Since he was 12 years old, Ivan Samuels has found a sense of wonder and appreciation for birds and their habitats.
Ivan grew up in San Francisco and attended college on the West Coast. His interests during that time morphed from natural history, ecology and conservation biology to the tropics and the study of its avian wildlife. Ivan maintained his recreational interest in birds and his commitment to conservation throughout his college years, and was impassioned to learn how birds are intricately tied to the overall health of their surroundings.
“Birds are often an indicator species of how well a conservation program is working in an area,” says Ivan. “Bird conservation can apply to protecting animal life in general since one must conserve bird habitats, which in turn helps conserve other species.”
Ivan’s favorite winged creatures to study are neotropical birds, or those from the Latin American tropics. He has spent time working and researching in Costa Rica, Mexico, Peru, and most recently in Ecuador, where he works closely ― both remotely and side-by-side ― with an organization that protects the country’s threatened birds. And, though he is removed from the Appalachian mountains back in the States, his enthusiasm for the area’s wealth of animal and plant species, and their need for conservation, is vibrant.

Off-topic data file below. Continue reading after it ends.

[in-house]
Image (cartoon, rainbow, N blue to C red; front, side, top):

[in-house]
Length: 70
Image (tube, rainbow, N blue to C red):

Ivan explains that Appalachia is quite diverse in its trees and salamander species, and he feels that energy extraction in the region is devastating to the unique medley of animal and plant life found here. “Appalachia is an area of great cultural heritage as well,” he says, adding that people’s lives and personal stories are being uprooted by the current pursuit of coal. “Mountaintop removal is a tragedy on every level.”
Ivan feels the best way to offer protection to an area is not always obvious. “People say ‘think globally, act locally,’ and while that’s a helpful way to think, it is not enough in many cases. When an industry is so powerful, such as that of coal, Ivan notes, equal levels of local and national legislative work are crucial to conservation efforts.
Ivan’s interest in mountaintop removal led him to ilovemountains.org and now he continues to track the campaign to stop mountaintop removal coal mining. He has been a member of Appalachian Voices since 2008.
Ivan still lives in San Francisco where he works for the March Foundation, a non-profit organization with programs that support higher education and human welfare. Through the foundation, he and his allies help support ornithological research by aiding a variety of partners that study birds.
People can come to conservation projects from all backgrounds, Ivan says, and in turn they not only help protect the local wildlife and plant life, but also help revitalize the quality of living for people who call those places home.
— Spotlight by Davis Wax